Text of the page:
She reported that her union trains Polish teachers to teach Polish as a foreign language. "These classes were quickly overcrowded, as 1,200 teachers registered,” she stressed. ZNP concluded an agreement with the University of Warsaw to organise these classes – 70 hours per group, 20-25 teachers per class –, she said. There is also a course for teachers’ trainers, to teach colleagues what they learnt. These teacher’s trainers get an extra 30 hours of classes.
Obidniak also pointed out that some children with trauma cannot go to schools; the mother/someone therefore needs to take care of them. “These adults do not work and have little, if any, time to try to find a job. You need social support for everything. More than 200 refugees are employed in Warsaw by NGOs.”
She highlighted another issue: the recognition of qualifications of Ukrainian teachers, for which “you need a long time, and it has cost implications”. ZNP therefore asks for quick and free recognition of qualifications.
KSOiW NSZZ “Solidarność”: Contributing to a brighter future for Ukraine
Tomasz Gryczan, international policy coordinator of KSOiW NSZZ “Solidarność” and a member of the European Trade Union Confederation’s Education and Training Committee, emphasised three main activities undertaken by members of his union to help refugees from Ukraine.
“Firstly, my union decided to organise our 32 regions, our hotels and training centers for refugees from Ukraine. We organised accommodation for them – mostly women and children, places they could live in,” he said.
Also, each regional union branch has an office with specialists for the labour market who know what is required to get a job. NSZZ “Solidarność” also has a database with vacancies refugees can apply for.
Refugees can ask for legal advice, Gryczan added, stressing that “our lawyers in every region support refugees and explain to them what kind of conditions they need to comply with. Sometimes refugees have registration problems with local authorities.”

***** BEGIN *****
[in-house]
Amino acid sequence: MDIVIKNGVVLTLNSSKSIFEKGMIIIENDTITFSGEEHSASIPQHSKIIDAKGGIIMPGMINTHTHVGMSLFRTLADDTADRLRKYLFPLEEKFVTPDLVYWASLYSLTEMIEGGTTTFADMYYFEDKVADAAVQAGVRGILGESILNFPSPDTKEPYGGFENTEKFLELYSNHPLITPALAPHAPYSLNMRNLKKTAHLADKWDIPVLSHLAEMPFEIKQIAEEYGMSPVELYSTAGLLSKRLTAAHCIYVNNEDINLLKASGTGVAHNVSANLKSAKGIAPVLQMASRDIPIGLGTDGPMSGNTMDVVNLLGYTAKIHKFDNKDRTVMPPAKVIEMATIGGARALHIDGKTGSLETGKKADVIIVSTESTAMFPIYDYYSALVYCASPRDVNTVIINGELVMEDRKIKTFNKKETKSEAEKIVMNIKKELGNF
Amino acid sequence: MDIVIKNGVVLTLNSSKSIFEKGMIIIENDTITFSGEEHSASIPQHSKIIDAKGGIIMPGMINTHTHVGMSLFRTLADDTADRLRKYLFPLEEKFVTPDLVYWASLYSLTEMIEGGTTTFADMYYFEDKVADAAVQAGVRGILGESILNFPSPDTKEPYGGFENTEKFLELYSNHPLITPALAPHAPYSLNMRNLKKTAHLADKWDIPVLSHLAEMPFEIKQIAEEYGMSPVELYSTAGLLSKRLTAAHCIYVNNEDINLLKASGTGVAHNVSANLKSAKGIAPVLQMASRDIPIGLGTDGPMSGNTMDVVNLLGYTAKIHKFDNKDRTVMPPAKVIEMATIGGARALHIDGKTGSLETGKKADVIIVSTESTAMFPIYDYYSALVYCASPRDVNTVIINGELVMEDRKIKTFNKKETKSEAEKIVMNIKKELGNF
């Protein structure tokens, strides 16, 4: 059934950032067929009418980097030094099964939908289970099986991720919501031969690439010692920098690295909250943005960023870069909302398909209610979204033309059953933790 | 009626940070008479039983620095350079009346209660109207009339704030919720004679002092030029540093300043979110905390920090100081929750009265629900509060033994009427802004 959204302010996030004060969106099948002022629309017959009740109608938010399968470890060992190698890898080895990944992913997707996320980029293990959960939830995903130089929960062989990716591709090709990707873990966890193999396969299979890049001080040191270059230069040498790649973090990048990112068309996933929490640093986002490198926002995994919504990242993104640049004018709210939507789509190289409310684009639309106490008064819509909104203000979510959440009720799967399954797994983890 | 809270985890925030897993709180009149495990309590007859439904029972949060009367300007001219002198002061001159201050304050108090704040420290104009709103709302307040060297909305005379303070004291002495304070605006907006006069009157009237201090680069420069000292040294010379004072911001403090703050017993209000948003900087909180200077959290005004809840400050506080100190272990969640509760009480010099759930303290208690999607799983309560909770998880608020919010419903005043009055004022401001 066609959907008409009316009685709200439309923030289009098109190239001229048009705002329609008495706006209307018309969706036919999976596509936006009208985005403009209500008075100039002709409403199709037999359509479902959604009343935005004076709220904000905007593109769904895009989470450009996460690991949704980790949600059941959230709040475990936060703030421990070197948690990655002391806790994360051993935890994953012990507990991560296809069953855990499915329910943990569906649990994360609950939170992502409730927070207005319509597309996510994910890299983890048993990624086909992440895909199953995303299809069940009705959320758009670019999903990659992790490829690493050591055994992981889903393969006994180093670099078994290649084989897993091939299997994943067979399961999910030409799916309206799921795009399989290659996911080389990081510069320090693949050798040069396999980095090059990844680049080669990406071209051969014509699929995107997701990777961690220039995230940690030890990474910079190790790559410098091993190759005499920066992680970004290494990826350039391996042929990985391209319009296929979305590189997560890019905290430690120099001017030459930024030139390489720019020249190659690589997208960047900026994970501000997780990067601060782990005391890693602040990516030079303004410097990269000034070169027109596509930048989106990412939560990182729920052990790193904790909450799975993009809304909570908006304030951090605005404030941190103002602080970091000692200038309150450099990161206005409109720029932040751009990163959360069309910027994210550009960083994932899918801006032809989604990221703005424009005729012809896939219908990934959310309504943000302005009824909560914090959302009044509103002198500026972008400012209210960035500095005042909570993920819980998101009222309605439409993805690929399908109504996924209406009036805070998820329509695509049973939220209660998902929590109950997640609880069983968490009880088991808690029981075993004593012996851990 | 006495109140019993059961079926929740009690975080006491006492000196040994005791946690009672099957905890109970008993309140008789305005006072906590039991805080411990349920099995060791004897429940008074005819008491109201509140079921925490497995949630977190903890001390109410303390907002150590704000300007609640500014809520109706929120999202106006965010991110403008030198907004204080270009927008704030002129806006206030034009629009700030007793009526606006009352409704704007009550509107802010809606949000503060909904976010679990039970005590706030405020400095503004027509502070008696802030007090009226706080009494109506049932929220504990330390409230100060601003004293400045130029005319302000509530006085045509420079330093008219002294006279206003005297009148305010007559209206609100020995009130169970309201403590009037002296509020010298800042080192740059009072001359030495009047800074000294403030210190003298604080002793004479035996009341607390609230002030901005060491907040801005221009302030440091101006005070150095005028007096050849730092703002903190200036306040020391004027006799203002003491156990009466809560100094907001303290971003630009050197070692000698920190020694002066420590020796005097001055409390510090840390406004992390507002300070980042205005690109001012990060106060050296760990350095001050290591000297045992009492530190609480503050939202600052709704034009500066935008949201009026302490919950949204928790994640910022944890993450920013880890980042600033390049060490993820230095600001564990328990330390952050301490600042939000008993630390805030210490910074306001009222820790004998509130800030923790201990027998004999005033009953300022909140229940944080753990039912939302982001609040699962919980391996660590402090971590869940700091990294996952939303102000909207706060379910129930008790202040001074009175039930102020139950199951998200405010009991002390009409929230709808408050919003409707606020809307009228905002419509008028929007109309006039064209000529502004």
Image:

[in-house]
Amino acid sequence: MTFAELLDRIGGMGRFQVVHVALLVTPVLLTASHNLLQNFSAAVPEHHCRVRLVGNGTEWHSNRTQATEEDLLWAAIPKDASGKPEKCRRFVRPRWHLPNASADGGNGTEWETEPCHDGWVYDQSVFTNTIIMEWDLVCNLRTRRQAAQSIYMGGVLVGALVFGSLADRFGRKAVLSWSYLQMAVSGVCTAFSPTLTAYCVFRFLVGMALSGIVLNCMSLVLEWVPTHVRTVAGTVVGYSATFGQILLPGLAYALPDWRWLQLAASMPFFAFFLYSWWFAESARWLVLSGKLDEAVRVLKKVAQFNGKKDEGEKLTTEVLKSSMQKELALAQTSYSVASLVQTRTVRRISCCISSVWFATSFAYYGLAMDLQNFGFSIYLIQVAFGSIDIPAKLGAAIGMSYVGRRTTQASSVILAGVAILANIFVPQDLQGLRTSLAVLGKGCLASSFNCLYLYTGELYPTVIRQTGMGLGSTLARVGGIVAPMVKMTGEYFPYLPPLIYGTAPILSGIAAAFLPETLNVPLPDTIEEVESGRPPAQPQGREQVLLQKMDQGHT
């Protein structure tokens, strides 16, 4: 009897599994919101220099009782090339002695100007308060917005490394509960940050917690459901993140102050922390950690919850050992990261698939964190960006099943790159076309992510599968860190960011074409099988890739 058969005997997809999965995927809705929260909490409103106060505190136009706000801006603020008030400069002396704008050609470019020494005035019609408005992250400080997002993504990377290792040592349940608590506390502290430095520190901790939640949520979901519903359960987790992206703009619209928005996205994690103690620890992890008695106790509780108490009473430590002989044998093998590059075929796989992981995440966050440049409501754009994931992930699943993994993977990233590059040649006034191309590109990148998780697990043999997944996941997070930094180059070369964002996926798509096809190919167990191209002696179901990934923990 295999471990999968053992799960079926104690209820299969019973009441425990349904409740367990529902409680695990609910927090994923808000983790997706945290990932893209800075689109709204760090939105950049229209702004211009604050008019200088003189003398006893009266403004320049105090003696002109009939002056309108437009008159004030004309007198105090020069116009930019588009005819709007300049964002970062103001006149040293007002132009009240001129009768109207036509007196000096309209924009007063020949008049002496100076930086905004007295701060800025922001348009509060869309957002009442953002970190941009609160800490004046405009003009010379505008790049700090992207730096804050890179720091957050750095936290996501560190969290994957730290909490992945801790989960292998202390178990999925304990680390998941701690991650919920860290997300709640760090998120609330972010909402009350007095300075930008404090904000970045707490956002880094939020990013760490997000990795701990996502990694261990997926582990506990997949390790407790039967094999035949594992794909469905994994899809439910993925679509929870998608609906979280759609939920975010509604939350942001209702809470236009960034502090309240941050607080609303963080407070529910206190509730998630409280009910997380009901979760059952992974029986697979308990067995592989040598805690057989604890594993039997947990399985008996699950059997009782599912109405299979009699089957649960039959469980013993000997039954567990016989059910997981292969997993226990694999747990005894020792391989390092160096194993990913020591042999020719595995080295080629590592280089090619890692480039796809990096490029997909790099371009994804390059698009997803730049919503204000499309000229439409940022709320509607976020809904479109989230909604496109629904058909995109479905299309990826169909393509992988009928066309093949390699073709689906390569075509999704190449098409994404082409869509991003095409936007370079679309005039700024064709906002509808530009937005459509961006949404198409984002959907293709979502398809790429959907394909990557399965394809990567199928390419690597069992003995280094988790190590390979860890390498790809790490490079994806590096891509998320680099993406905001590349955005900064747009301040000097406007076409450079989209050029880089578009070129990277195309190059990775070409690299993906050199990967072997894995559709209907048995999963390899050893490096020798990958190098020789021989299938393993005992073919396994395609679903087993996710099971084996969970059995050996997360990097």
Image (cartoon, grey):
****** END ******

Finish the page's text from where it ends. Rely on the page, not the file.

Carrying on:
NSZZ “Solidarność” also organised a special fund for refugees, and collected first need items, supportive citizens giving clothes for example.
Gryczan underlined that, secondly, the union engaged in social dialogue with authorities, “crucial in such a dramatic situation”, advocating for inclusion and psychological support or refugees. “We started negotiating with the Ministry of Education in Poland to find the best legal framework for pupils from Ukraine. We proposed a flexible system which should include all children and suggested a psychological support for refugees, especially children. We also said it is crucial to change the curriculum and set up special training for teachers.”
“On international cooperation, the education section of NSZZ “Solidarność”, with ZNP, welcomed on May 4th the delegation of Education International and the European Trade Union Committee for Education (ETUCE) – Education International’s European regional organisation. The delegation with ETUCE President Larry Flanagan, ETUCE Director Susan Flocken, and Education International General Secretary David Edwards visited our office and we exchanged good practices,” adding that his union met with European Commission’s representatives in Poland, where it advocated increased funds from the European Union.
The education union also recorded a solidarity speech with a TV video recording company.
“Of course, the war has not ended, we are still monitoring refugees’ needs, especially preparing for the new school year. Students and pupils should have the chance to go back to Ukraine. It is much better to rebuild the country when they have quality education, and we strongly believe that our education will also be one of the things that support Ukraine’s future,” Gryczan concluded.